One Friday last November, you see, I woke up one morning and made the spontaneous decision that I desperately, desperately wanted a real physical version of my book. A dead tree edition, if you will. Because however great the ebook version is, and however much the great unwashed masses are embracing digital editions, I'm old school. I love real books that I can love and hold and call George.
So that day I rushed down to my computer and furiously started googling various ways of actually printing some books. I quickly came to the conclusion that the two best options were CreateSpace and Lulu. Years ago when I first started looking at print on demand publishing I came to the very same conclusion, and although I never actually did anything about it, I decided that if I were to publish something I'd go with CreateSpace because it was an Amazon company and I trusted them. And I'll be honest, I took against Lulu based purely on the fact that I have an irrational hatred of the singer Lulu.
Back to November. So I'm sitting there once again comparing CreateSpace and Lulu (the publishing website, not the singer) and it boils down to two things: book size and ease of service. Now, I won't lie to you: my book is pretty short, and CreateSpace's smallest book size is quite big, which basically meant that if I went with them my short book would've ended up being more of a pamphlet. Plus, I like small, stocky books; what ever happened to paperbacks you could shove in a pocket? Turns out that Lulu offer a nice small, pocketable book size, and they seemed to be getting a lot of love for ease of use so I decided to give it a go with them.
Now, I'm obviously writing this two months down the line and as we all know my brain is full of images of cats doing anarchic things and Erica Durance in a star-spangled bikini so complete recollection is nigh-on impossible, but I do recall that Lulu (the publishing website, not the singer) made self-publishing a lovely simple process: I downloaded a template for the book size I wanted, pasted my text into it, then uploaded it to them. Even the cover was pretty straightforward, which was remarkable because I was being all needy and wanted a cover design that wrapped around the front, spine, and back. All in all good times. It was done in just a couple of hours, and all that was left to do was order a proof copy so I could give it the once over before unleashing it upon the world. I hit BUY and I waited.
And I waited…
And I waited…
And I waited…
And basically Christmas came and went and even when you take the annual festive postal snafu into account I came to the conclusion that yeah, it'd gotten lost somewhere along the line.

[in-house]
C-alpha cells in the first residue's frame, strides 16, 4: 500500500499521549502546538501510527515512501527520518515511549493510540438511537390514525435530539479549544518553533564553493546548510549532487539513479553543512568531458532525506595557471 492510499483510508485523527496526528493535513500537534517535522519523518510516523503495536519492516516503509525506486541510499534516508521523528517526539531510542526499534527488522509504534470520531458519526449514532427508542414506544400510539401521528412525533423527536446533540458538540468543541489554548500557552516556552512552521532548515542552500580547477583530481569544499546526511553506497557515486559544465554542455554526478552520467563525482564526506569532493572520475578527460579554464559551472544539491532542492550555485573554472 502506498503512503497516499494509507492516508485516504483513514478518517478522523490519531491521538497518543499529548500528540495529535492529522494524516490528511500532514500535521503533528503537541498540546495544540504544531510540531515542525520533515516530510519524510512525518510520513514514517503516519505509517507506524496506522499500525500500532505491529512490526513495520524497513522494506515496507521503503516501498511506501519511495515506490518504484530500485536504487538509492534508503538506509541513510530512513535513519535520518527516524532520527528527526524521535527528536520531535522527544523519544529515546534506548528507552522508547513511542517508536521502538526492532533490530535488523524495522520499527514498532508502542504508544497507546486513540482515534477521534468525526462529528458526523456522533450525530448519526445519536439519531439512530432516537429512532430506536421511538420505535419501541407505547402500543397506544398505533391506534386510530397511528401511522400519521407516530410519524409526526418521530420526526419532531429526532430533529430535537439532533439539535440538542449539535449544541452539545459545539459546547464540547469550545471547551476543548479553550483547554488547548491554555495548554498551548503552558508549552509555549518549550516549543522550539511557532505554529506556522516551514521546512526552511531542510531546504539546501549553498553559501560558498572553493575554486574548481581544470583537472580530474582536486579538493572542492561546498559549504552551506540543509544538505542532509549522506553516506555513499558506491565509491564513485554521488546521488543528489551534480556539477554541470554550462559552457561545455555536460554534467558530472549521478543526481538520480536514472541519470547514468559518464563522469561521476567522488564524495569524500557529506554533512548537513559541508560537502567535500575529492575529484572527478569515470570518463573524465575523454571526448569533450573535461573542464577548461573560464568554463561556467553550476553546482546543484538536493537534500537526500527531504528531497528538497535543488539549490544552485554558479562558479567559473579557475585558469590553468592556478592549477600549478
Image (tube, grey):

So I emailed Lulu (the website, not the singer).
I got a response back pretty quickly. Usually around now I announce how I'm using a fake name for the person I ended up dealing with because that gives me the opportunity to be brutally honest about how appalling they were without them ever finding out. But I'm not going to do that here. The person I ended up dealing with was called Tracey, and I'm using her real name because she was utterly brilliant. Tracey agreed with my assumption that the book had gone AWOL and immediately put another copy on order for me. Not only that, but she also put it on express delivery at no additional cost to me. We exchanged a handful of emails over the course of a couple of days and Tracey provided what was without doubt the best customer service experience I've had in a good long while.
What I'm basically saying here is that if anyone from Lulu (the website, not the singer) is reading this, Tracey is a genuine star and you should give her a massive bonus. Or a car.
Anyway, just a few days later this turned up.
|And that, my friends, is a real, honest-to-God book.|
Still, having had the opportunity to look it over, I decided there were some things I wanted to change - nothing major, mind, and certainly nothing to do with the story itself. I just wanted to add in a copyright page, add in a bit of blank space at the beginning of each chapter, fiddle around with the alignment of the words on the spine to appease my OCD tendencies and perhaps most importantly of all, give my cover designer the credit he so richly deserves, because I left his name off the ebook by mistake and have never been arsed to go back in and add it (shame face).
So there we have it. Making a dead tree book WAS fun. And now - shameless plug - you can grab yourself a copy RIGHT HERE. Admittedly it's a tad more expensive than the ebook version, but hey! You can lick this one.